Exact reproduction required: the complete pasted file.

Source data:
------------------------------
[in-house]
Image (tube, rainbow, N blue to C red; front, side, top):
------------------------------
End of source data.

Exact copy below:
[in-house]
Image (tube, rainbow, N blue to C red; front, side, top):